Jared Reitzen is CEO of MobileStorm, a Los Angeles firm which provides digital marketing services. He regularly blogs on his Entrepreneur Success Blog, sharing his observations and opinions on the entrepreneurial life.
You want a job? Then stop sending crappy resumes. Being an employer for a decade now, I have seen every type of resume you can imagine. I really like to interview everyone even if it’s for 10 minutes. I like to make sure that person fits within our culture (while lowering the risk of a lawsuit because of our wonderful, politically incorrect organization).
Every time we try to fill a position, I feel that the majority of people either a.) aren’t really looking for a job but are just sending their resumes to see what is out there or, b.) don’t have any self-esteem and feel that they are one of a thousand applicants and there is no way they can get a job, so why bother to send a polished document. Here are five tips to make sure someone reads your resume and calls you in for an interview:
1. Attach a Cover Letter: Far too many people simply email you their resumes and there is nothing in the body of the email, just a Word doc attachment. It’s as if the applicants are just sending their resumes to as many people as possible, and they don’t have time to write a quick intro on themselves and why they want this job. I can tell you right now the only time I review coverless-letter resumes is if I am not getting a sufficient number of applicants; otherwise, they are trashed. Showing your personality and thoughts on the position goes a long way. Also, most executives are reading your resume on their blackberries. Can we open Word attachments? Yes, but it takes 15 seconds; reading the body of the email does not. Entice us with a beautiful cover and then hit us hard with a good story.
2. Do Your Research: A company wants to see that you have researched their website, studied their business model, and know what they are all about. They want to hear comments like, “I really feel I would fit into your corporate culture because of x.” Flattery does get you far; just make sure you don’t get cheesy.
3. Looks Do Matter: Ever met a really ugly girl or guy and say to yourself, “Gee, I would love to go on a date with this person.”? If your answer is yes, then you are Gandhi and I am shallow, but for most of the human race that’s not the case, so why would you send over an ugly resume? Folks, spend some time formatting your resume, use pretty fonts, bold and italicize when possible, and add in nice dividers and color. An employer wants to see someone who pays attention to detail and takes pride in making himself look good.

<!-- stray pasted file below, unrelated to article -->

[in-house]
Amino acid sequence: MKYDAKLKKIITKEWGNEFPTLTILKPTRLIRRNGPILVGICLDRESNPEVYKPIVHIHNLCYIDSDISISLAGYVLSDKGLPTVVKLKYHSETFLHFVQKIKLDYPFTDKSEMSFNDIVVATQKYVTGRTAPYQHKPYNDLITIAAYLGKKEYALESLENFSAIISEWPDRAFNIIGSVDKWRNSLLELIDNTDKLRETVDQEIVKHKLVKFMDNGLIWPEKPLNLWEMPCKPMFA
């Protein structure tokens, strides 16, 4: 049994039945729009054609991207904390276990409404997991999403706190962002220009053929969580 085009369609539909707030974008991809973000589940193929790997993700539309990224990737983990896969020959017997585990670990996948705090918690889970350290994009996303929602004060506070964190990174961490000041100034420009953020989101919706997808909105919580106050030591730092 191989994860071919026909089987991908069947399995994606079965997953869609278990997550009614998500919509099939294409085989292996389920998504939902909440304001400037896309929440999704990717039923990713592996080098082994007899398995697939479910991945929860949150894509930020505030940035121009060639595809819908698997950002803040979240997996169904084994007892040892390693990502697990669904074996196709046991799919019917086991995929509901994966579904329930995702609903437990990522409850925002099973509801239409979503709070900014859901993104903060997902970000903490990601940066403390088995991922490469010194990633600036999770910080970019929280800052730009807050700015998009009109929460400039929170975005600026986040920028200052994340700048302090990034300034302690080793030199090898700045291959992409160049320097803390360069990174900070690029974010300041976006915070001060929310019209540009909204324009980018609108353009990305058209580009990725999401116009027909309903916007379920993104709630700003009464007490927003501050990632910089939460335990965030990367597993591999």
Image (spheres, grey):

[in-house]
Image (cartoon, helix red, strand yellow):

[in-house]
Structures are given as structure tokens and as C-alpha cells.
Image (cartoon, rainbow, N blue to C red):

4. Read the Ad: Recently, I was looking for a sales person and I was getting resumes from NASA engineers. Now I guess it is possible that a NASA engineer could be a good sales person but if, and only if, they were selling carbon fiber casings for the new X2120 shuttle. There were so many applicants from career paths that made absolutely no sense that I was almost positive a large majority of people were just sending out their resumes for the sake of sending them. I know we are in a recession, but when does a CPA wake up one day and say to himself, “I want to carry quota!” And if these people really do want to change career paths, they should refer to #1 above. Finally (and this is an old human resources trick), we can really tell if someone has not read the job requirements because at the bottom we like to add a note that says, “DO NOT ATTACH YOUR RESUME.” Anyone who does goes into the deleted folder because, clearly, if they cannot follow simple instructions, how are they going to manage choosing the right carbon fiber vendor?
5. Be Flexible With Who You Are: I can see my lawyer wincing right now but let’s be honest–if your name is Pjhlzeinaian, just change your name to Phil. We can’t pronounce it anyway and that might be the reason we don’t hire you. Besides, if you do get the job, someone is just going to start calling you Phil anyway and even though you feel your parents will be upset because they named you, they will be happier when your ass gets a job and moves out.
Jared Reitzin (www.jaredreitzin.com) is the chief executive officer and founder of Los Angeles-based mobileStorm, which has pioneered the concept of digital marketing allowing clients such as MGM Grand, Carl’s Jr., Qantas Airlines and Amp’d Mobile to send multiple message type from a single system. Prior to that, he was CEO of Katalyst Music Group LLC, an independent record label and new media company where he directed the growth of the company as a promoter for musical acts, and marketing projects for the entertainment community. Mr. Reitzin began his career as a product manager for Interactive Light – a leading developer and provider of networked sports simulators for such companies as IBM, Sega, Microsoft, Sony and Intel. Mr. Reitzin sits on the boards of RACER Mobile Inc., a mobile marketing start-up as well as Wantickets, an online ticketing company. He regularly speaks on panels and at conferences about digital marketing and new media technologies.